The second tricky bit is the very bottom tip of the spur. There is a 5m sheer bluff about 10m up from the base of the spur. This can (just) be descended by downclimbing trees. Descending instead to the west branch of Oho Creek is not an option to avoid this bluff as it is in a deep sheer gorge at this point and has an impassable waterfall 50m upstream. The east branch must provide a gentler option between the spur and valley floor (the deer manage it somehow!) but I did not spot where this is.

100m of slippery rocky gorge travel down Oho Creek is necessary from the forks before the valley opens out. Below here there are good deer trails on the banks, and frequent flat dry clearings and alternative dry riverbeds and travel is easy. There are several good camping options. It is about 2km from the spur to the lake head.

2.5-4 hrs down, more in reverse

Last updated by: Madpom at 2021-01-16 16:35:34. Experienced: 2020-12-29

From Lake Purser to Lake Purser outlet via Lake (packraft route)
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Distance: 1.8 km (0.5 DOC hours) - Raft, kayak or float
Altitude: 94m to 95m. Gain: 1m. Loss: 0m . Gradient: 0 deg
Skills:
GPX info source: Drawn on map

Easy paddle down the lake.

Either shore could be walked - west would need sidling ~100m above the lake all the way. East has beaches ~50% of the way, but requires a climb & descent round bluffs half way and is steeper.

Last updated by: Madpom at 2021-01-04 14:05:54. Experienced: 2020-12-29

From Lake Purser outlet to Lake Carrick via true left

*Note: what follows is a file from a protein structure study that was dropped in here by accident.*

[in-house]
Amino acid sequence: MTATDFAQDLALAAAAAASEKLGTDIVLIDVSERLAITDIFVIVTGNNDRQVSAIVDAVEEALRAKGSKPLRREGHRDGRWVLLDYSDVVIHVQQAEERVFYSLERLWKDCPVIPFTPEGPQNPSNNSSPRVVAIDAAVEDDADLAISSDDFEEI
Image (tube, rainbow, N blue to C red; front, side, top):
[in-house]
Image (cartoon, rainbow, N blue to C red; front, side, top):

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Distance: 1.2 km (0.5 DOC hours) - Unmarked route, clear - Moderate terrain
Altitude: 10m to 154m. Gain: 162m. Loss: 290m . Gradient: 22 deg (Flat)
Skills:
GPX info source: Uploaded from GPS

A network of deer trails connect Lakes Purser and Carrick with good travel on the east of the creek, keeping away from the river itself.

Created by: Madpom on 2021-01-04. Experienced: 2020-12-29

From Lake Carrick to Lake Cadman outlet via Lake (packraft route)
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Distance: 7.0 km (2.0 DOC hours) - Raft, kayak or float
Altitude: 16m to 19m. Gain: 3m. Loss: 3m . Gradient: 0 deg
Skills: - Raft, kayak or swim/float (6/6)
GPX info source: Drawn on map

Easy paddle down lakes Carrick and Cadman. The two lakes are connected via a narrow flat channel with no rapids (or any noticeable flow) that can be paddled in either direction.

Outflow of Lake Cadman has waterfalls. Good put-in on rocky beach 200m WSW of the outlet giving access to low, scrubby saddle leading down to Edwardson Sound.

Last updated by: Madpom at 2021-01-16 16:32:19. Experienced: 2020-12-29

From Lake Cadman outlet to Lake Cove via route
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Distance: 0.4 km (0.5 DOC hours) - Unmarked route, clear - Hard terrain
Altitude: 9m to 21m. Gain: 0m. Loss: 12m . Gradient: 2 deg (Moderate)
Skills:
GPX info source: Uploaded from GPS

A scrubby bush-bash is required between Lake Cadman and Lake Cove. The terrain is complex with multiple old lake outflow channels running east-west to cross.